Why We Sold Apple

Last week we sold our remaining shares of Apple after they posted Q2 results.  With a 3.9% weight in the S&P 500, not owning Apple is a significant active bet; it is similar to owning no Telcos or Consumer Staple stocks in a Canadian portfolio.

 

Apple is a great company and a fascinating story, disrupting many industries along the way at the benefit of consumers.  Their quality, ease of use and sleek, distinguishable design has cultivate a following that is one of the most loyal customer bases in the world. And while Tim Cook, who took over from Jobs in mid-2011, may not have the innovative track record to date, he has transformed the company into a cash generating machine. 

 

Investing comes down to expectations.  We bought Apple in April of 2014 as sales momentum had slowed, there were more questions about how innovative the company would remain without Jobs and it was trading rather cheap.  Don’t forget this is a product cycle stock and at the time of purchase they were about to embark on what turned out to be their greatest product cycle ever.  The biggest driver being the iPhone with larger screens as competitors had beaten them to this space.  Apple crushed it and is still seeing great growth in iPhone sales.

 

Expectations in the market now seem high.  This past quarter they announced an 11% dividend increase and $50 billion for the buyback program. Earnings beat and sales beat consensus estimates.  This was accompanied by record breaking iPhones sales, with China surpassing the U.S. for the first time in units sold, clearly a new growth engine for EPS. However, the stock fizzled leaving us wondering what more Mr. Market wanted. 

Add to this, a less exciting product cycle ahead.  Continued iPhone6 sales will help provide some support and maybe an S version.  But what is next?  Apple Pay sounds interesting but won’t matter anytime soon.  For example, if you put all of Mastercard’s revenue onto Apple’s income statement, it would represent 6% of sales.  The iWatch?  Just don’t believe it will live up to the hype.  An iPhone 7 this fall would help, rumors are for an even better camera.  But that just isn’t the same jump as the move to offer bigger screened smartphones.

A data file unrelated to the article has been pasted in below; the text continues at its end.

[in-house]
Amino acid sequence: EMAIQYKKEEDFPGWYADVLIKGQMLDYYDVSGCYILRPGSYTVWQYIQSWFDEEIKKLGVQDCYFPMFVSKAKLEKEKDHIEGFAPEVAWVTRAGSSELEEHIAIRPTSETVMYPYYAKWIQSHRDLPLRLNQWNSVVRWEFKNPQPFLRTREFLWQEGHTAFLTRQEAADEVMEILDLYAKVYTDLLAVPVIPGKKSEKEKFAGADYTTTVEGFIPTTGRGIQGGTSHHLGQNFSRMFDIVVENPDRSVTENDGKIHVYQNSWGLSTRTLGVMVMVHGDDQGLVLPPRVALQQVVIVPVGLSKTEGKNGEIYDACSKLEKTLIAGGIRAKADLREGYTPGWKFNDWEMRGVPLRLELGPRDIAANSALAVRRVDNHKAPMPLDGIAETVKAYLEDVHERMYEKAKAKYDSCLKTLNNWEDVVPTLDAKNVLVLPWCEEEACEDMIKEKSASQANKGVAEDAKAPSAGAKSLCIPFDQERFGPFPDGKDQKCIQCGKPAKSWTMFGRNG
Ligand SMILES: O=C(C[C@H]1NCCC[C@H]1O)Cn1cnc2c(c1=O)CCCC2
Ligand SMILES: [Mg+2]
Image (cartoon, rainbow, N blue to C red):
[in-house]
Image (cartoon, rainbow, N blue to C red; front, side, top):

The market seems to be expecting too much from this now mature state behemoth. It seems that the market wants Tim Cook to change the world like Steve Jobs used to do. Not saying we won’t come back, but we have decided to take our profits and get out of the way before everyone else realizes texting emojis back and forth from your watch isn’t quite as life changing.

 

https://www.youtube.com/watch?v=x4TbOiaEHpM

 

The opinions expressed in this report are the opinions of the author and readers should not assume they reflect the opinions or recommendations of Richardson GMP Limited or its affiliates. Assumptions, opinions and estimates constitute the author's judgment as of the date of this material and are subject to change without notice. We do not warrant the completeness or accuracy of this material, and it should not be relied upon as such. Before acting on any recommendation, you should consider whether it is suitable for your particular circumstances and, if necessary, seek professional advice. Past performance is not indicative of future results. Richardson GMP Limited is a member of Canadian Investor Protection Fund. Richardson is a trade-mark of James Richardson & Sons, Limited. GMP is a registered trade-mark of GMP Securities L.P. Both used under license by Richardson GMP Limited